The Open Government Partnership Summit, which this year is being held in the wonderful Mexico City, is a time for a whole range of organisations and governments from around the world to meet and discuss any number of issues around open government, transparency, accountability, service delivery and a whole morass of related issues. The first day of the summit is reserved for civil society organisations, so we at least get to enjoy one day before the world’s politicians descend upon the event and ruin it for everyone (no, just kidding). So having spent the day meeting old contacts and new ones, what have I learned?
Well, for one thing Mongolia has 21 provinces, although that’s probably not the most important thing I gained from today. One of the most interesting of today’s sessions concerned data literacy – what is it, how’s it done and how do we know that it’s done it? If I were summarising the session, those would be the three key questions. Let’s have a look at each in turn:
- What is data literacy? Based on research done by Open Knowledge Foundation’s School of Data programme (partly funded by Indigo), the session looked at how different people around the world understood data literacy and what they thought it meant. While different people naturally understand the term to mean different things, the views in the room coalesced around three key issues. Firstly, understanding the nature of the problem you are trying to solve is key. Data literacy does not start and end with hard technical skills, but is (or should be) much more comprehensive than that. Understanding the problem or issue and what data can and can’t do to help solve it is a crucial first step. Secondly, being able to interrogate and use that data confidently with your purpose in mind is very important. After all, without the ability to interrogate and manipulate the data, a key element of data literacy is lost. The third and final point, meanwhile, is around data use – crucial, but very often overlooked or sidelined by those overly focused on the hard technical skills of data literacy. Storytelling, promotion and awareness raising are vital if data literacy is to have any wider value or relevance.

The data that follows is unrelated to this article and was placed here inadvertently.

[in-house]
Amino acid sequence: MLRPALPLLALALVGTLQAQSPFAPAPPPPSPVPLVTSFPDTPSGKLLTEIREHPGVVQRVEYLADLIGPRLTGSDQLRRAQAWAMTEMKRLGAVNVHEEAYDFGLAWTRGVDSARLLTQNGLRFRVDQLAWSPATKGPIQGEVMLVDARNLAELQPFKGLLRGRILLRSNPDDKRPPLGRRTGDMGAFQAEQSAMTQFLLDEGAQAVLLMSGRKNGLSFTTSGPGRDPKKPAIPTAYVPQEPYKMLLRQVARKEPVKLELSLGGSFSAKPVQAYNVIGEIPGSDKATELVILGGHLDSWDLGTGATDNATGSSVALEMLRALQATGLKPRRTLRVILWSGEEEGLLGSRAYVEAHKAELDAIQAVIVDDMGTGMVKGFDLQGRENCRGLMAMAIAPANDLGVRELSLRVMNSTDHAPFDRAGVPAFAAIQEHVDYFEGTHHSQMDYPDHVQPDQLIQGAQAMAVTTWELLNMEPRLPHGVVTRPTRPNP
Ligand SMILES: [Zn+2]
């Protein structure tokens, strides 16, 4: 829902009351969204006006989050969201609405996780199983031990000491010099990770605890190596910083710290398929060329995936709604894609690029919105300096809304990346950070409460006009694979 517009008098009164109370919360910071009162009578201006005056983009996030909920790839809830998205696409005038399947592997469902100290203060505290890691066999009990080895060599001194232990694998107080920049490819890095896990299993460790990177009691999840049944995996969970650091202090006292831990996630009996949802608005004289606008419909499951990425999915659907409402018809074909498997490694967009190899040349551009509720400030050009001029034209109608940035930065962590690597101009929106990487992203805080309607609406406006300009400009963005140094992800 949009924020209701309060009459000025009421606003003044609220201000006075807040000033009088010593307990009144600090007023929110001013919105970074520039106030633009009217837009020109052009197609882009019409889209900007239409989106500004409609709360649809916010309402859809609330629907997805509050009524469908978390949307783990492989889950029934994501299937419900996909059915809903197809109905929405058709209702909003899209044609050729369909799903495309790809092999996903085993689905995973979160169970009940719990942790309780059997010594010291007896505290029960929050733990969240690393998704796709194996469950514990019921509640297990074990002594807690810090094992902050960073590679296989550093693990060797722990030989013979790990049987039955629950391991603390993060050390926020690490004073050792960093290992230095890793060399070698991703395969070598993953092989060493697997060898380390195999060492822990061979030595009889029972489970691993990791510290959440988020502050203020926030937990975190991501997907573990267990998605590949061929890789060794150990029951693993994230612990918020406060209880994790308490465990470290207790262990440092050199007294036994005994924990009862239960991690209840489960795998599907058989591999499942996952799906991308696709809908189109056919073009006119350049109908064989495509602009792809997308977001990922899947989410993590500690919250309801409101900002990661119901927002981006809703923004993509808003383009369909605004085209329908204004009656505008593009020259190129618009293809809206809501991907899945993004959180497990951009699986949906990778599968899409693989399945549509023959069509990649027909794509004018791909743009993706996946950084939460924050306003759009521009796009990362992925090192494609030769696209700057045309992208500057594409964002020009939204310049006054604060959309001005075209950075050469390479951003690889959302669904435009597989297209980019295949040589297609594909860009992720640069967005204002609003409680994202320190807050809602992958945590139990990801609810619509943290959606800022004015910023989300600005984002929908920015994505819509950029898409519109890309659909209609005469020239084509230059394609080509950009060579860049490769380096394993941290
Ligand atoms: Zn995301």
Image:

- How to do it? As can be seen from the relatively broad definition of data literacy above, ‘doing’ data literacy is not some short-term fix. However, because of time and cost constraints, many data literacy initiatives and training are necessarily squeezed into a week or two. Very few initiatives last longer than a month and we must, therefore, look carefully at the value and role of such work to ensure it doesn’t just result in small, short-term gains before everything returns to normal. Moreover, many of these initiatives are developed and designed with individuals in mind – whether they are investigative journalists or data staff in an INGO. However, all of these individuals work within organisations and without a much wider focus on organisational data literacy there is a real danger that data literate approaches to work or problems are merely the preserve of the few and do not feed into the work of the wider organisation.
- Has it been successful and how do we know? As with almost any area of development work, there are inevitably questions around success, evaluation, contribution and attribution. And, as you might expect, easy answers are few and far between. To help clarify matters, it may be useful to think of the value of data literacy in and of itself, the value and contribution to change of data literacy initiatives and, finally, the impact that data-driven campaigning or advocacy may have upon the issue or problem being addressed. Often, there is a tendency to jump to this last issue and it is, unsurprisingly, the most difficult and nebulous to measure. Funders have a role to play in ensuring realistic expectations and being flexible and patient with regard to impact, while data organisations themselves must be honest with funders about what can and cannot be realistically achieved within the cost and timescale of any given project.
Tomorrow sees the first day of the main conference, so I’ll be back then.